Beta This part of GOV.UK is being rebuilt – find out what this means

HMRC internal manual

COTAX Manual

HM Revenue & Customs
, see all updates

Returns / notices: notices and returns: unsatisfactory returns

This subject is presented as follows.

Borderline cases
Estimated figures 


A company tax return must satisfy the requirements of the notice to deliver. The Corporation Tax Online Service carries out validation on the items submitted to ensure that most company tax returns submitted are complete.

In general, HM Revenue & Customs takes the view that if the return includes accounts and computations in iXBRL format where required, we will accept it as a valid company tax return unless and until close scrutiny as part of a general compliance review shows that it is not. See COM130060 for further information.


It should be exceptional for an electronically submitted return to be considered unsatisfactory and the fact will not normally be established until a compliance review is carried out. If the company has not made a return that complies with the requirements of a notice to deliver, it may be liable to penalties for failure to make a return.

A company may also deliver a return that meets the requirements of a notice to deliver but is incorrect. In such a case, it has satisfied its obligation to make a return, but may be liable to penalties for making an incorrect return. For more information about incorrect returns, see the Enquiry Manual.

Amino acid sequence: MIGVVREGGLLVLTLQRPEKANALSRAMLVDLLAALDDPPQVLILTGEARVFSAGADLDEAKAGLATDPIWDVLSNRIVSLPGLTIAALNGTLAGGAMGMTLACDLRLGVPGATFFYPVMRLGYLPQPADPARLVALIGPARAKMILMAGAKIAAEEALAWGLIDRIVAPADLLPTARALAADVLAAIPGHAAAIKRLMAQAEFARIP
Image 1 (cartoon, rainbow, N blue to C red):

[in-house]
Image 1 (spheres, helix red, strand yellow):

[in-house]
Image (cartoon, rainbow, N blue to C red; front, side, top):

Borderline cases

CT Self Assessment is a ‘process now, check later’ regime and HM Revenue & Customs has made the transition to mandatory online filing as easy as possible for companies. We therefore reject as unsatisfactory as few returns as possible. Instead, you should contact agents and companies to draw their attention to errors where they have genuinely tried to comply with mandation. They will then be able to submit acceptable returns in future. For more guidance, refer to COM130062.

In general terms, failure to include items, or providing them in the wrong format is a technical issue and should be looked at as part of the risk assessment of the return; it is not something that should lead to ‘rejection’ as part of processing the return. Whenever possible, you should give the company or agent the opportunity to explain themselves and to put right any omission.

Estimated figures

In Dunk v General Commissioners of Income Tax for Havant and CIR 51 TC 519 the taxpayer claimed that he could not make a return because he did not possess all the relevant information. The Commissioners decided that the obligation is to make a return that is to the best of the taxpayer’s knowledge complete and correct.

If the company uses all proper sources of information but finds that the best of its knowledge is unreliable, it can indicate that there is an estimated figure on the return. You would expect an explanation to be included as a note or an attached PDF. However, it would be identified as part of a compliance review and does not need to be considered as part of any manual intervention required to process the return onto COTAX.

When a company can later replace an estimate with an accurate figure, it should do so at the earliest opportunity. If it does that, Para 20 Sch 18 FA 1998 should remove the risk of a penalty arising under the appropriate penalty legislation, provided that the original return was not submitted fraudulently or negligently. For further information about penalties see COM100000 onwards.


  • COM132000 about the initial clerical review of a return
  • COM130011 for a list of forms relevant to this subject
  • COM130012 for legislation applying to this subject.